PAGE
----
Has The UAE-Saudi Honeymoon Phase Ended?
The majority of the literature has either underestimated or over-exaggerated the ongoing spat between the United Arab Emirates (UAE) and Saudi Arabia, failing to put things into context. Indeed, the economic spat over the oil-producing quotas is expected to have global ramifications on gas prices.
In February of this year, Saudi Arabia announced that by 2024 its government would cease doing business with any international companies whose regional headquarters are not based within the kingdom. The decision was perceived as a direct call to companies, operating in the UAE, to pick up and relocate in Riyadh.
“What is happening here is these are the two biggest economies in the region, in the Arab world,” Abdulkhaleq Abdulla, a political science professor in the UAE, told CNBC. “And as Saudi Arabia wants to reform its economy, privatize, etc., there is bound to be competition between them.”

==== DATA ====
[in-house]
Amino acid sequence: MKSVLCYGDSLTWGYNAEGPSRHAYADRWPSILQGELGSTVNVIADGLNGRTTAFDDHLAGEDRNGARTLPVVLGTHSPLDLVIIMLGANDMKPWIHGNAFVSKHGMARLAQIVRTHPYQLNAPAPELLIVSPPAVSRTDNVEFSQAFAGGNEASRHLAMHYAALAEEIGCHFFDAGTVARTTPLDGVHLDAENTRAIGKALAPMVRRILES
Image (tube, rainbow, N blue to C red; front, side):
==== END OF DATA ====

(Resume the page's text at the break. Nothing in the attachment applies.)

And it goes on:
They have disagreements on political issues regarding the War in Yemen and the Qatari-rapprochement. The two Gulf countries, however, share common strategic and security interests, which could curb these tensions in the near future. Both regimes are wary of the rising influence of Iran and its proxies, in addition to the potential role of the Islamic movements in the Middle East and North Africa (MENA) Region.
“While economic issues could see further public disagreement, Riyadh and Abu Dhabi are expected to continue to deal more discreetly with political matters to preserve an image of unity,” British academic and Gulf expert Christopher Davidson said.
To put it in another way, they can’t afford “not to be friends” regardless of their conflicting economic goals. It’s quite normal for allies to be at loggerheads, but this doesn’t necessarily mean breaking enduring ties. Frankly, the cost would be too high. It’s plausible to say that it’s not a full departure but rather a turn away from a period of close relationship.
Now, the challenge for both parties is how to strike a balance between economic aspirations and regional goals. Failing to achieve such a balance is not a good option for both states; otherwise, they might lose a lot and they are aware of that.